Unfortunately, the opposite is disruptive, too. The national fragmentation, exacerbated by 2020’s challenges, is confusing, combustible and complex.

“We’re not living in the same country, we’re not reading the same news, we’re not seeing the same story,” says John Baick, a historian at Western New England University.

The cacophony has placed the bizarrely tangential alongside the momentous, sometimes at equal volume. The result: a fun-house mirror of American life in which an unexplained metal monolith appears in the Utah desert, a network releases a movie featuring a sexy Colonel Sanders and Ronald Reagan, dead 16 years, summons us to arms from the latest version of “Call of Duty.”

What happens next? Is there a “back to normal”? A new normal? Something else?

Two things happened in the United States recently, both of which offer potential insight.

The first: Last month, news surfaced that Roadside America, one of rural Pennsylvania’s most enduring attractions, was closing after eight decades. The place, born of one man’s childhood memories, grew into a model railroad landscape that filled an entire building. Now its detailed miniatures of American life in the early and mid-20th centuries are being auctioned off.


What a metaphor for 2020: the nation we once knew, split into fragments and scattered to the winds.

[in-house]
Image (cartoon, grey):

Yet Lyon Gardiner Tyler Jr.’s death in October at age 95 suggests a counternarrative.

Tyler was the grandson of the 10th president, John Tyler, who was born in 1790. His brother, Harrison Ruffin Tyler, is still living.

Think about that. Three generations of Americans spanning 230 years. Nearly the entire history of the United States playing out over three lifetimes.

Yes, time feels out of joint these days. Yes, the lack of distinct markers in American life in 2020 — full-on Christmas celebrations, entire sports seasons, a normal year’s spikes and valleys — has suspended us in a cloudy amber of COVID and fear and contentiousness.

“Our memories of this moment are going to be muddled and confused,” says Jennifer Talarico, a psychology professor at Lafayette College who studies how people remember their lives, and how public events affect that.


Yet those who fret about the republic crumbling ignore the convulsions of death and ugliness that Americans have navigated in 244 years. They forget that moments ebb into other moments. That things continue and, sometimes, improve. That a man walks the Earth today whose grandfather had living memories of the George Washington administration.

From that vantage point, the United States is barely a teenager. As 2021 creeps in, remember: Teenagers are the ultimate embodiment of in-betweenness — caught between two confusing eras, never quite sure what of yesterday to retain and what of the future to grab at.

And teenagers, of course, grow up.



Ted Anthony, director of digital innovation for The Associated Press, has been writing about American culture since 1990. Follow him on Twitter at